De Kooning’s early collection, Giacometti’s stained bronze, one of Marie Therese Walter’s first pictures of Picasso—these and other treasures from the collection of late art patron David Solinger may fetch $100 million at Sotheby’s this fall.
With 90 contracts on display across four sales in New York and Paris, this is the latest model to hit the market in what promises to be another hot season, led by Worth a billion dollars for the arts From the estate of Paul Allen, co-founder of Microsoft at Christie’s.
A custom auction of 23 lots will be held on November 14 in New York, followed by the day sale and two auctions in Paris.
Solinger, who died in 1996, acquired the majority of his post-war artwork in the 1950s, and most of the works he purchased remain in the collection today, providing a rare glimpse into how an earlier generation of collectors did their work.
A television and advertising lawyer, Solinger was a Sunday illustrator and avid patron of the gallery and connected with artists such as Alexandre Calder and dealers such as Pierre Matisse, buying works directly from the studios de Kooning and Giacometti. Among his clients were artists Louise Nevelson and Hans Hoffmann.
“He’s immersed himself in the art of his day,” said Oliver Parker, Sotheby’s Europe chairman, who helped secure the collection after Solinger’s second wife died earlier this year. “It’s a time capsule from that moment of assembly when the center of the art world moved from Paris to New York.”
The biggest part is de Kooning College (1950) estimated at $18 million to $25 million. Its vibrant, texture-rich surface is built with layers of paper, paint, charcoal, and silver paperclips. College It has been shown in many important exhibitions, from MoMA’s Historical Travel Survey in 1968-1969 to the “Abstract Expressionist” exhibition at the Royal Academy of Art, London in 2016-2017.
Solinger first saw the Giacometti restaurant Trois hommes qui marchent (Great Plateau) In the artist’s studio in Paris. He asked the artist to paint the three figures in different shades of gold and then bought them through the Galerie Maeght in Paris. It is estimated at $15 million to $20 million.
Picasso Femme dans un fauteuil It was painted in 1927, just three weeks after the Spaniard met 17-year-old Walter. In this painting of two women, Picasso connects the graceful lines symbolizing his new love interest with sharp, angular shapes representing Picasso’s wife Olga. The business is estimated at $15 million to $20 million. During World War II, the painting was sent to the Museum of Modern Art for safekeeping, according to Sotheby’s. After the war, it was returned to France. Solinger bought it from Picasso dealer Daniel-Henri Kahnweiler.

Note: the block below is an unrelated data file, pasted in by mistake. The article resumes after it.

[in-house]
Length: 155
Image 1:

Solinger was the first non-Whitney president of the Whitney Museum of American Art, making the museum public and leading a fundraiser for its Marcel Breuer building.
Alfred Barr, the founding director of the Museum of Modern Art, asked Solinger to buy the museum’s first Franz Klein painting, a 1950 painting, president. He agreed, and the artist later made an oil painting of the drawing on Solinger’s phone book page. This drawing is now part of the collection destined for Sotheby’s.
Solinger’s collection includes many examples of European post-war painting, including examples by Jeanne Dubuffet and Nicolas de Stael.
Joan Miro’s painting femme, étoiles (1945) It is estimated at $15 million to $20 million. Abstract de Steel 1951 formation Estimated at $1.5 million to $2 million.
“This is a picture I bought in 15 seconds,” Solinger said in an interview. “I had never heard of de Stael before. I had never seen one of his pictures. It was love at first sight.” Pay $800 for it.
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